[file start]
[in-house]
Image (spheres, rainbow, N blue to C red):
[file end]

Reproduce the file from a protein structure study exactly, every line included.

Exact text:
[in-house]
Image (spheres, rainbow, N blue to C red):